That said, the Moneta Divide project, proposed by Aethon Energy and Burlington Resources, may be a game changer. Although still in the federal review process, the Moneta Divide project, near the large Madden gas field in the northeastern Wind River Basin, plans to drill 4,250 wells and produce oil and gas from the Paleocene (Fort Union Formation), Cretaceous (Lance, Mesaverde, Cody, and Frontier formations), and the Mississippian (Madison Limestone) (WSGS oil and gas map). An environmental impact statement is currently being developed for this project, and a draft is scheduled for release mid-2018.

References

De Bruin, R.H., 2012, Oil and gas map of Wyoming: Wyoming State Geological Survey Map Series MS-55, scale 1:500,000.

Fox, J.E., and Dolton, G.L., 1996, Wind River Basin Province (035), in Gautier, D.L., Dolton, G.L., Takashashi, K.I., and Varnes, K.L., eds., 1995 National assessment of United States oil and gas resources—Results, methodology, and supporting data: U.S. Geological Survey Digital Data Series DDS-30, release 2, 21 p.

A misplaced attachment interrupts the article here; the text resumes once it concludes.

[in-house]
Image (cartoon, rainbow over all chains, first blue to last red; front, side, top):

Gouger, B.l., 1989, Poison spider west, in Cardinal, D.F., Miller, T., Stewart, W.W., and Trotter, J.F., eds., Wyoming oil and gas fields symposium Bighorn and Wind River basins: Casper, Wy. , Wyoming Geological Association, p. 380-383.

Johnson, R.c., Finn, T.M., Kirschbaum, M.A., Roberts, s.B., Roberts, L.N.R., cook, T., and Taylor, D.J., 2007, The Cretaceous-Lower Tertiary Composite Total Petroleum System, Wind River Basin, Wyoming, in U.S. Geological Survey Wind River Basin Province Assessment Team, Petroleum systems and geologic assessment of oil and gas in the Wind River Basin Province, Wyoming: U.S. Geological Survey Digital Data Series DDS-69-J, chap. 4, 96 p.

Keefer, W.R., 1969, Geology of petroleum in Wind River Basin, central Wyoming: American Association of Petroleum Geologists Bulletin, v. 53, no. 9, p. 1,839-1,865.